This wine is currently unavailable, the vintages 2018 and 2016 and 2015 and 2012 and 2009 and 2006 are available

Chateau Palmer Margaux 2005 750ml

size
750ml
country
France
region
Bordeaux
appellation
Margaux
DC
97
WA
97
WE
96
WS
94
VM
94
JS
94
DC
97
Rated 97 by Decanter
The 2005 was the first vintage where Thomas Duroux was in charge from beginning to end, having worked alongside his predecessor Bertrand Bouteiller on most of the 2004. Another great vintage in this all-star line-up, and the one that perhaps had the most exuberant sunny expression in the early years, although now at 15 years of age the tertiary aromatics are just starting to arrive, along with hints of earthiness and a savoury cassis fruit character as the Cabernet Sauvignon continues to dominate. There is a gentle truffled edging to the colour also, but the tannic frame is very much in play, and still cradling the fruit. A great wine that walks the tightrope between young and old Palmer, and between the welcome of a generous vintage and the natural elegance of a great Palmer. Harvest September 22 to October 7. Drinking Window 2020 - 2045. ... More details
Image of bottle
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Chateau Palmer Margaux 2005 750ml

SKU 425486
Out of Stock
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More Details
green grapes

Varietal: Red Bordeaux

The Bordeaux region of France consistently enjoys the reputation of being the finest region for wine making in the world. But what is it that makes this area around the Gironde river so special? The secret lies in their ancient and careful blend of no more than six high quality, flavorful and unique grape varietals. Cabernet Sauvignon, Merlot, Petit Verdot, Cabernet Franc, Malbec and Carménere are all permitted for usage in the production of Bordeaux wines, and the winery carefully considers how to balance the fine points of one varietal against another. Most commonly, Cabernet Sauvignon is used as the main grape varietal, usually with vintners making wines containing upwards of 60% Cabernet Sauvignon grape juices. This varietal lends its big, spicy, fruity flavors and astringent, tannin-heavy character to the mix. Normally, this strong varietal is then tempered and rounded by Merlot, a fleshy, fruity and far lighter bodied grape, containing far fewer tannins and a much brighter flavor The blended wines are normally left to age in oak, where they can continue to work together and produce their wonderful results.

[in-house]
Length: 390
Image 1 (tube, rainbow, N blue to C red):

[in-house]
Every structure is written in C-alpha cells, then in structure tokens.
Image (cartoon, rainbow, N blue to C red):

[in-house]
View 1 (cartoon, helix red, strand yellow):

barrel

Region: Bordeaux

The wineries of Bordeaux in France are widely considered to be amongst the finest on earth, with many of the chateaux found on the Left Bank and in the Médoc region routinely demanding enormous prices and being snapped up by collectors looking to add the best examples of the world's white and red wines to their cellars. Bordeaux's secret to success comes from the fact that the terroir of the region is exceptionally rich in minerals, helped by the clay and gravel soils which typify the area and the Gironde river which runs through it. Normally humid in climate, the nearby Atlantic coast supplies cooling breezes, making Bordeaux a winemaker's dream and resulting in extremely high quality grape varietals. For hundreds of years, the wineries of Bordeaux have been mastering the art of wine blending, and today produce a wide range of wine styles using many of the sixteen grape varietals permitted to grow in the region by French law.
fields

Country: France

It is widely understood and accepted that the finest wines in the world come out of France. Whether you are drinking a vintage bottle from one of the famed Grand Cru wineries of Bordeaux - such as Chateau Margaux or Chateau Lafite-Rothschild - or a more simple and affordable bottle from one of the lesser known appellations in Burgundy, the likelihood is that the wine is packed full of intense and interesting flavors, and has a fine, balanced structure typical of almost all French produce. This reputation for excellence is taken extremely serious by the French, with dozens of regularly updated laws and regulations ensuring the quality and accurate labeling of wines. Such dedication and passion for fine wine, representative of the region in which it is produced, means customers can be assured that when they buy a bottle from France, they are buying something almost certain to please and delight.
bottle and glass

Appellation: Margaux

The Margaux appellation of France's legendary Bordeaux wine region is one of the world's most famous and highly respected viticultural areas. For centuries, Margaux has been deeply associated with extremely fine wines of the highest quality, made using traditional and time-honored techniques in order to extract the very best, most refined and elegant flavors and aromas from the Bordeaux varietal grapes which grow there. Margaux wines are almost always blended, using two or three key Bordeaux grapes, commonly Cabernet Sauvignon, Merlot and Cabernet Franc (amongst others). The blending techniques and quantities have been passed down through the generations in the ancestral chateaus which make up the region, and quality and prestige has never been allowed to falter, making Margaux one of the undisputed jewels in France's already glittering crown.